More than thirty years ago a giant tower was built in Manzanares, Spain, to produce electricity in a way that at the time must have seen even more eccentric than it seems now, by harnessing the power of air movement. The Manzanares tower was, sadly, toppled by a storm. Decades ago, several other firms tried to replicate the idea, but none has succeeded. Why?
A simple idea
The idea behind the so-called solar wind towers is pretty straightforward. The more popular version is the solar updraft tower, which works as follows:
On the ground, around the hollow tower, there is a solar energy collector—a transparent surface suspended a little above ground—which heats the air underneath.
As the air heats up, it is drawn into the tower, also called a solar chimney, since hot air is lighter than cold air. It enters the tower and moves up it to escape through the top. In the process, it activates a number of wind turbines located around the base of the tower. The main benefit over other renewable technologies? Doing away with the intermittency of PV solar, since the air beneath the collector could stay hot even when the sun is not shining.
A more recent take on solar wind towers involved water as well. Dubbed the Solar Wind Downdraft Tower, this project first made headlines in 2014, but since then there have been few updates, and those have been far between. The latest was from last year, when the company behind it, Solar Wind Energy Tower, announced a letter of intent by an investment company to provide financing for the project. That financing was to come from investors that the company was yet to find.
Here’s how the company describes the power generation process in the downdraft tower: “To start, a series of pumps deliver water to the Tower’s injection system at the top where a fine mist is cast across the entire opening. The water introduced by the injection system then evaporates and is absorbed by hot dry air which has been heated by the solar rays of the sun.
As a result, the air becomes cooler, denser and heavier than the outside warmer air, and falls through the cylinder at speeds up to and in excess of 50 mph. This air is then diverted into wind tunnels surrounding the base of the Tower where turbines inside the tunnels power generators to produce electricity.”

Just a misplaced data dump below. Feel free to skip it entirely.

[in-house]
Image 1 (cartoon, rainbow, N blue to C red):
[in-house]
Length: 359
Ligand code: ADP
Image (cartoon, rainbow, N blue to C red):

The tough reality
There is normally one reason why otherwise promising—at least on the face of it—technologies never take off: cost. One solar tower executive said as much to National Geographic in 2014.
“The capital costs are very high,” said Rudolf Bergermann, who is co-founder of Schlaich-Bergermann and Partner, a company specializing in updraft solar tower technology. In a paper on its project, SBP admitted that costs of solar towers are high, but said the electricity that they generate is cheaper than all comparable solar technology.
The company also wrote, “However, the approaching shortfall of fuel reserves in combination with dramatically increasing demand will soon balance the cost difference of today and later even reverse it. We expect this ‘break-even-point’ already at a value of 60 to 80 $/barrel of crude oil.”
Brent is currently trading around $60 a barrel today, but there is no news of solar towers getting built on any scale. Investors are still wary of pouring money into a concept that has not been proved despite the promising theory behind it. That’s especially true of the downdraft tower: it sounds like it will need to use substantial amounts of water and the company is not saying where this water will come from and how much it will add to the cost of the whole thing.
Challenging the dominant tech
The way things stand now in renewable energy, solar wind towers may never become part of the global energy mix. While the electricity they could generate may indeed be cheaper than comparable technology, the upfront costs and the stability problems related to the height of the tower, which is in direct proportion to its efficiency, are enough to doom this technology. But the final nails come from the competition.
Solar and wind energy research has achieved impressive production cost reductions in the past decades when the technology has moved from an interesting alternative to power plants to a mainstream source of energy.
Solar panels are today a lot cheaper than they were just fie years ago, and costs continue to fall. These will doubtlessly reach a bottom at some point, before low cost begins to compromise quality, but the cheaper PV tech becomes, the less competitive their alternatives get.
Wind energy is also getting cheaper as towers become taller and turbines become more efficient at no additional cost.
“Wind now supplies clean and efficient power to the equivalent of 32 million American homes, sustains 500 U.S. factories, and delivers more than one billion dollars a year in new revenue to rural communities and states,” the American Wind Energy Association said last month in a report that revealed the United States had more than 100 GW in wind capacity, most of it onshore.
The creators of the solar wind downdraft tower compare their facility in terms of cost with a nuclear power plant. However, what they should compare it to are solar installations and wind farms. Some of these are already cheaper than fossil fuel-fired power plants. They are the reason such fascinating but expensive technology will likely never make it to the market, not cheap oil and gas.